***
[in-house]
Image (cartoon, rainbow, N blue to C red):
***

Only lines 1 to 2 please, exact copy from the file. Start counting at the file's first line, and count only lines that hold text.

[in-house]
Image (cartoon, rainbow, N blue to C red):